Let’s face it…we live in an unpredictable world where disaster can strike at any moment. A security breach should not be a matter of “if” but “when.”
Here’s how you can survive your first breach
1. Build Relationships Outside of the IT Department
If you like meeting new faces around the organization, a security breach provides ample opportunity to do so – albeit at the worst possible time. A breach is going to involve personnel from a whole slew of departments: legal, executive, and PR to name the most obvious candidates. Maintaining an established channel with these groups and an understanding of how both your and their jobs will interact during a security breach can save a lot of rushed paperwork and tense meetings during your time of crisis.
2. Avoid the Blame Game
There’s a notion in info-security that the work done by the IT department is possibly the most important thing in the company – that without them, the whole organization would fall to its knees and succumb to raiding bandits. It’s time to accept some cold hard facts. There are much greater risks to a company’s operational capacity and profitability than a security breach. Remember, the job of the IT department isn’t to prevent this from happening (which is nearly impossible,) but to lessen the impact when it does. Avoid blaming the IT department when technology issues arise.
3. Comply With Regulations and Then Go Further
This may be preaching to the choir – we understand that “Compliance Is Not Security™” — but understand that a security control that isn’t monitored is even worse than no control at all. The Intrusion Detection System that doesn’t have someone actively administrating it and looking at the alerts is just another avenue intruders can use against you (and one with significant access to all network traffic!) Just because you’re in an industry that requires you to keep all log data for 90 days doesn’t mean you shouldn’t store everything for a year. After all, storage is ridiculously cheap and security breaches don’t happen inside a matter of minutes – the initial signs of intrusion and persistence may show up in logs from months ago. When you need them, you’ll be glad you kept them.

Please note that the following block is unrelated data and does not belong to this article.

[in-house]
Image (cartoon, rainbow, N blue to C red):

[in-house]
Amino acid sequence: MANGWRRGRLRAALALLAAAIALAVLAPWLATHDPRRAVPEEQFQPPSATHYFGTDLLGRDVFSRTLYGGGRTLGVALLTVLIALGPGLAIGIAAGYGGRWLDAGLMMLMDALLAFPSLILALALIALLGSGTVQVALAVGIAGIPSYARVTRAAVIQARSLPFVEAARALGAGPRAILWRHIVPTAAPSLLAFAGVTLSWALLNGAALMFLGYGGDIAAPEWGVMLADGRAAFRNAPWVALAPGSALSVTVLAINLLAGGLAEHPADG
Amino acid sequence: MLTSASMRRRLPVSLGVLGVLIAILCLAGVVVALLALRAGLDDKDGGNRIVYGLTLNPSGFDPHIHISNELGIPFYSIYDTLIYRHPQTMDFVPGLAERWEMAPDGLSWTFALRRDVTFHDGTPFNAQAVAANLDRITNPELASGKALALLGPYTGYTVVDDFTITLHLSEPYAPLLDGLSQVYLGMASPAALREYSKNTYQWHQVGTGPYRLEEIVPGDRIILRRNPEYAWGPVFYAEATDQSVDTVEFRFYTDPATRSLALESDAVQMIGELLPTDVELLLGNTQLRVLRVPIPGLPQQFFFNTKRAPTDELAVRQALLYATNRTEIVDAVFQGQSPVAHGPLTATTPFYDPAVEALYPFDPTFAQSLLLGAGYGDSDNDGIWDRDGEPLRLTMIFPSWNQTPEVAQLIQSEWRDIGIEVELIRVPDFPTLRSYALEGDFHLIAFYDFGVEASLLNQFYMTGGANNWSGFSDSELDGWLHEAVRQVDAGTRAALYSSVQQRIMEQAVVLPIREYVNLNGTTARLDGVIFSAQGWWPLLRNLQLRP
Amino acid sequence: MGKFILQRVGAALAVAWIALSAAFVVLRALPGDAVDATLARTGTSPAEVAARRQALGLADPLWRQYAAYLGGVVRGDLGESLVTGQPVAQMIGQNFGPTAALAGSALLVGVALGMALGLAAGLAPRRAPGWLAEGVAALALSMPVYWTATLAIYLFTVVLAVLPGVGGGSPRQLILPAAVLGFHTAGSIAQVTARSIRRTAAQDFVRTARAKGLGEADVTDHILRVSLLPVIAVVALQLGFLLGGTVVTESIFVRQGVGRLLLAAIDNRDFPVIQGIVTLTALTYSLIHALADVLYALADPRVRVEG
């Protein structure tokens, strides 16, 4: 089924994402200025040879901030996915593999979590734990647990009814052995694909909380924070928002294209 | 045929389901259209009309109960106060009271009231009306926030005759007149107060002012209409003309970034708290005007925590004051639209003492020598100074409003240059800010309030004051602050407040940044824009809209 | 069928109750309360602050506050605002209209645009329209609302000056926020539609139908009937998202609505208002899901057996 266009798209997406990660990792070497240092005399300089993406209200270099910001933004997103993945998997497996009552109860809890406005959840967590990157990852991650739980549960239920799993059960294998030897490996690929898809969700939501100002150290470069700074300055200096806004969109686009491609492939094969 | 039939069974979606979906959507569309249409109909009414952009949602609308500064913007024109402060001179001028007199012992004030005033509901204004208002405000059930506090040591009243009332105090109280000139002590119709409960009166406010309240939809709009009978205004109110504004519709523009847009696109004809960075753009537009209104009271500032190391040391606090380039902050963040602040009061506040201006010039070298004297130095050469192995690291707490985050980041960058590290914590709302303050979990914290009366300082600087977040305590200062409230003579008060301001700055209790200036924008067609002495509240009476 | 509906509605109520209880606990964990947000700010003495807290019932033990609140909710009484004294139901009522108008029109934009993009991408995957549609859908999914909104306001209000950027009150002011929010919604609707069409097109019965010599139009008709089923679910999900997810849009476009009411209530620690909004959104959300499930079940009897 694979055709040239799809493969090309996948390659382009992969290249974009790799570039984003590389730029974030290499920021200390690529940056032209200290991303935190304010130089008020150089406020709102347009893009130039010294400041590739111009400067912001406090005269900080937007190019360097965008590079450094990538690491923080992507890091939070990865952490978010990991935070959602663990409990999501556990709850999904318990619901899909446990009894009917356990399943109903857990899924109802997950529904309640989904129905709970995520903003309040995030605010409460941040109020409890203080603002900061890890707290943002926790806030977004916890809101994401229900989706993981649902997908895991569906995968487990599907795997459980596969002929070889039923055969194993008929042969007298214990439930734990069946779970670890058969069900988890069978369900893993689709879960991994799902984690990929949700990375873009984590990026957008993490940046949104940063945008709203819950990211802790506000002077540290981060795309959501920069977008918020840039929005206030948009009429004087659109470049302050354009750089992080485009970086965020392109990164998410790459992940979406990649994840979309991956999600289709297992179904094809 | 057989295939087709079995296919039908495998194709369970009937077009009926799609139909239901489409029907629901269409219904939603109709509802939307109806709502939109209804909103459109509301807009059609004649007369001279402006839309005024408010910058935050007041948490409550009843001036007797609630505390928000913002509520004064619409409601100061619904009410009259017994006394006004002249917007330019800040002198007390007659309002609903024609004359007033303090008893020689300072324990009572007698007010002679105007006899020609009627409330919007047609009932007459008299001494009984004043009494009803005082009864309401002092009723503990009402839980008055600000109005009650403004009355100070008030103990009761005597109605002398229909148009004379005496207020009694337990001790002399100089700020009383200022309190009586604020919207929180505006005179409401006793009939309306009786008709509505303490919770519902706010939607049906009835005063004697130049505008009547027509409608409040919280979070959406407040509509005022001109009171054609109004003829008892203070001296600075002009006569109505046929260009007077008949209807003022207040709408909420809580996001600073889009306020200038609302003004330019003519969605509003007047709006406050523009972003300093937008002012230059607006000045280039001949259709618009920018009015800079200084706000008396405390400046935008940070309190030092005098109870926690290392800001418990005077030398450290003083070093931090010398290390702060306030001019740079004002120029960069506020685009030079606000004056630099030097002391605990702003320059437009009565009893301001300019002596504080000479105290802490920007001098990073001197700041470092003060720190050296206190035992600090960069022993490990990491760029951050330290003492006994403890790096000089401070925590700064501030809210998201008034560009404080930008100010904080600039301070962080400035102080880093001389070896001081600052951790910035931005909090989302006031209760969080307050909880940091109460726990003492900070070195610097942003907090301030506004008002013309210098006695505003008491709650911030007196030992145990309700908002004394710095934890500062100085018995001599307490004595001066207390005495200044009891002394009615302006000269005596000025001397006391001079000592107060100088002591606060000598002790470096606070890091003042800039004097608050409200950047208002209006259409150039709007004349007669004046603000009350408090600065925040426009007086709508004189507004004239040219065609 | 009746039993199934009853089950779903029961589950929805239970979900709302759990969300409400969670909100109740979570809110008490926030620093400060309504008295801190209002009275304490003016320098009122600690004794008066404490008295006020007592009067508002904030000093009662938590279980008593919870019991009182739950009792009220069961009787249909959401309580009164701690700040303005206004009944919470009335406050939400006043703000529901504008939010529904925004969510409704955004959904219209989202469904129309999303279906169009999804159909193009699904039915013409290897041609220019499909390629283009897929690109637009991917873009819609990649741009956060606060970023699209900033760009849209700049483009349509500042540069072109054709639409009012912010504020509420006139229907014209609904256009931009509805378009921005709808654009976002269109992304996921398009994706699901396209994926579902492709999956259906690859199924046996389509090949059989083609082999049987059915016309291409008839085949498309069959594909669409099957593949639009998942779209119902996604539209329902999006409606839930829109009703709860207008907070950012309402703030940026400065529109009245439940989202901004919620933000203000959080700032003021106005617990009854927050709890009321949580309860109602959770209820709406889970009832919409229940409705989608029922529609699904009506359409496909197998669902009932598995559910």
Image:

4. Maintain Open Communication at All Levels
From end-users to executives, the number one priority during a breach is information – information that’s going to take time to acquire. Making clear decisions and acting on them is the top priority during breach discovery and recovery. Be sure to work together as a team to communicate the source of the breach and take steps towards recovery.
5. Practice Makes Perfect
I know this one is obvious, and I don’t mean to insult your intelligence by including it here, but I also know you’ve been wanting to get some bench exercises performed within your data security system for quite some time – and yet, it keeps getting postponed in favor of more pressing, “real,” work. Stop it right now. Your business should be centered on the inevitability of the worst-case scenario. Why aren’t you preparing for it? Practicing it? Has your company engaged the services of a pen-testing company recently? Did you treat their actions as a breach to be investigated? Did you match what you were capable of detecting and investigating against the report of what they did? No matter what it takes, get the practice in now – because when the time comes for points 1-5 to take effect, the last thing you want to be doing is making it all up as you go.